The two inert gases most commonly used in sport diving today are nitrogen and helium. As we learned in our open-water diver course, nitrogen at higher partial pressures has a narcotic effect. The onset of nitrogen narcosis when diving with air or nitrox is generally felt at around 80-100 feet. Every individual is affected differently, and the effects can vary from dive to dive. Some people claim to be able to handle the narcosis on dives as deep as 200 feet but probably wouldn’t remember much if asked to describe the dive afterward. Several people have died attempting to set deep-diving records using air because they fell unconscious from the anesthetic effects of nitrogen under pressure.
Because helium is nonnarcotic, it has become standard practice to use it in mixes when diving to depths greater than about 150-165 feet, with some divers preferring to use helium on dives as shallow as 80 feet. A gas mixture comprising oxygen, nitrogen and helium is referred to as trimix, while a mix of just oxygen and helium is called heliox. The density of a gas increases with depth, so helium, a light gas, makes for easier work of breathing at depth. Work of breathing is a serious consideration for rebreather divers, because unlike in open-circuit scuba, breathing effort is required to move gas around the loop. An increase in breathing resistance results in the body producing more carbon dioxide (CO2). Many rebreather divers trained to use trimix commonly use some helium in their breathing gas to prevent an increase in CO2, particularly when diving deeper than 100 feet or in strenuous conditions.
Some drawbacks of using helium include the cost and difficulty of getting fills and an increase in heat loss. The duration of decompression and the effects of decompression sickness (DCS) associated with breathing helium must be considered when choosing a gas mix. When changing breathing gases during a dive, particularly from a nitrox mix to one with helium, divers must also consider isobaric counterdiffusion (ICD). In very simple terms, ICD is caused by one inert gas entering tissues while another inert gas is leaving; it can cause bubbles to form or grow, even without a change in depth. Additionally, during very deep dives, breathing helium can lead to a condition known as high-pressure nervous syndrome (HPNS), which can cause debilitating tremors and decreased mental performance.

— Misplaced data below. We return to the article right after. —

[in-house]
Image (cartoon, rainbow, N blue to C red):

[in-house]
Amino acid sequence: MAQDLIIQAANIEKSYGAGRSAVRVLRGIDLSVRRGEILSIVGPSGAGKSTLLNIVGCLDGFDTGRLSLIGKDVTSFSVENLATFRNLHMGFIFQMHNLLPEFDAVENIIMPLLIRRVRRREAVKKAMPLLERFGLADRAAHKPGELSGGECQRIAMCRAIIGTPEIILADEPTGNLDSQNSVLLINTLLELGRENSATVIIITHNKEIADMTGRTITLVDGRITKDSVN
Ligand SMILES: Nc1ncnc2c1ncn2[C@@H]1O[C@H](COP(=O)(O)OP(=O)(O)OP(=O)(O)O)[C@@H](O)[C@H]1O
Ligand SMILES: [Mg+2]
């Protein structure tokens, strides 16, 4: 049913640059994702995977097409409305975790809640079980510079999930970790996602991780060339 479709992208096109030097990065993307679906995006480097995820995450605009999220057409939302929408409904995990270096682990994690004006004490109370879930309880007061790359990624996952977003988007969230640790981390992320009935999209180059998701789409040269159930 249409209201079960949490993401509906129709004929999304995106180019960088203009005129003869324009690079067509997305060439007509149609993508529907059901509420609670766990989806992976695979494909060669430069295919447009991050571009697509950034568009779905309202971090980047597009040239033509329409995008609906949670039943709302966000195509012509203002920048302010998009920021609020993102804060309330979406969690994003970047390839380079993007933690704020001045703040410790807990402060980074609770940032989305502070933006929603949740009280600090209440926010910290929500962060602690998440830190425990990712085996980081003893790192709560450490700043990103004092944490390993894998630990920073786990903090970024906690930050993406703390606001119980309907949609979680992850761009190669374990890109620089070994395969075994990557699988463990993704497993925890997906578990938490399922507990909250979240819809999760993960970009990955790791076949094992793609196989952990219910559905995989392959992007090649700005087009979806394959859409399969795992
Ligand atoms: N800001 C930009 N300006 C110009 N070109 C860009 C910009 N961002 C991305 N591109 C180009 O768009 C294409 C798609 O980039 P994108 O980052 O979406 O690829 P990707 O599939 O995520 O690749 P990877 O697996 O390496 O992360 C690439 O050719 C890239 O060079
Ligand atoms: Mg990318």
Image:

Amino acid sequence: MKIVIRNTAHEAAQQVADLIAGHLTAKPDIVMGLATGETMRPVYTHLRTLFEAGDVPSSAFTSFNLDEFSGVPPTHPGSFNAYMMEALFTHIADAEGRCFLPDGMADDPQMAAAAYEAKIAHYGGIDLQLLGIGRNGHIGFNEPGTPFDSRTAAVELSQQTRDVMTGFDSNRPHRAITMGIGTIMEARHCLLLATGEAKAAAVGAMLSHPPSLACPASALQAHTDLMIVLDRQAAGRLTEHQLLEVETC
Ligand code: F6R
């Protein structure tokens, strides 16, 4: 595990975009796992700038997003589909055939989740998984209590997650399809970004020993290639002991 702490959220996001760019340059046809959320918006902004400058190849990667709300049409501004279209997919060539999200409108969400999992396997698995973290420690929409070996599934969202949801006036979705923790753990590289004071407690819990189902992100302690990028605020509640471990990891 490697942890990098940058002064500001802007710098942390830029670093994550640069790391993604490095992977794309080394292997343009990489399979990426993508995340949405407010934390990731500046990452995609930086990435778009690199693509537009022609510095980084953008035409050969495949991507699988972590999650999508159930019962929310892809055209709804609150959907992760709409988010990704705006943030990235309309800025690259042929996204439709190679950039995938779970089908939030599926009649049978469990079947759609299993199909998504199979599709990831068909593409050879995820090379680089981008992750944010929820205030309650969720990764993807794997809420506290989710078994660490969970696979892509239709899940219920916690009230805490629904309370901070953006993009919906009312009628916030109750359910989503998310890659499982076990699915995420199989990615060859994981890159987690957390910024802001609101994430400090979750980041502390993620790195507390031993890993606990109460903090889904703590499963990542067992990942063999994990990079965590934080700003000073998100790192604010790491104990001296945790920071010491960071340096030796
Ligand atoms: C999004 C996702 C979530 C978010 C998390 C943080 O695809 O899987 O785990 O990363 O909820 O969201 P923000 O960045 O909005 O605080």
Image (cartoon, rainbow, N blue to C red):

Maximum Operating Depth
The maximum operating depth (MOD) of a gas mix is determined by calculating the depth at which the partial pressure of oxygen is 1.4 (or 1.6 for a decompression gas). The 1.4 PO2 limit for a gas with 21 percent oxygen (such as air) is 187 feet. To dive deeper, divers need to use a mix with a lower percentage of oxygen. A gas mix with less than 16 percent oxygen is considered hypoxic and if breathed at the surface or at shallow depths can cause immediate unconsciousness without warning. When using a hypoxic gas at depth, divers need to use another gas with a higher oxygen content, called a travel gas, to get them to a safe depth where they can switch to their hypoxic mix. On ascent, divers change to gases that contain increasing amounts of oxygen, with 100 percent oxygen commonly used at 20 feet and shallower.